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From "C N Davies" <>
Subject RE: Speeding up commit
Date Tue, 14 Jun 2011 15:35:27 GMT
Hi Aron,

Yes that is what I meant,  I persist and commit 200 at a time.  When my
objects are highly complex I threw in em.clear() as I was getting stack
issues as well.


-----Original Message-----
From: Aron Lurie [] 
Sent: Wednesday, 15 June 2011 1:06 AM
Subject: Re: Speeding up commit

What do you mean by batching? Do you mean persisting 200, committing,
persisting another 200, committing, etc? If so, I don't have the option of
doing this because my objects reference one another so the cascading persist
would blow up my batch size.


On 6/14/2011 10:54 AM, C N Davies wrote:
> I had a load of issues with committing large quantities of entities 
> (OpenJPA 2.0), in the end I batched them into batches of 200 and the 
> overall performance was significantly better.  This is not a 
> scientific analysis of the issue I know, but might be of use to you :)
> Chris
> -----Original Message-----
> From: Aron Lurie []
> Sent: Wednesday, 15 June 2011 12:50 AM
> To:
> Subject: Re: Speeding up commit
> 2.1.0
> On 6/14/2011 10:47 AM, Rick Curtis wrote:
>> What version of OpenJPA are you running?
>> On Tue, Jun 14, 2011 at 9:45 AM, Aron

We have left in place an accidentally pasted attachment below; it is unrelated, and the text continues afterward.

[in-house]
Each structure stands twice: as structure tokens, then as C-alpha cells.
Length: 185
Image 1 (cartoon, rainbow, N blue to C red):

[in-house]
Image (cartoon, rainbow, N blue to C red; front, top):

> Lurie<>wrote:
>>> Hello,
>>> I have a situation where I am trying to persist ~2500 objects all at
> once.
>>> After the objects are persisted, the program ends, so there is no 
>>> need for any functionality after the objects have been persisted. I 
>>> am just trying to dump these objects to the DB as fast as possible.
>>> Using Eclipse's TPTP profiler, I have timed the
>>> EntityManager.commit() operation to take 586 seconds. Of that, 
>>> cumulatively almost 455 seconds are spent inside of ~2500 calls to
> StateManagerImpl.proxyFields(bool, bool).
>>>    From the point that I start commit(), those 2nd class objects are 
>>> not mutated by my program, and I do not need to use any of these 
>>> objects after
>>> commit() finishes. From what I have read, it would seem that I have 
>>> no need for my objects to be proxied, and from my tests, it seems 
>>> that removing proxies would speed things up significantly. Am I 
>>> missing something? Or is there a way to turn off proxies? And if 
>>> not, how can I speed up the proxying operation?
>>> Thanks,
>>> Aron

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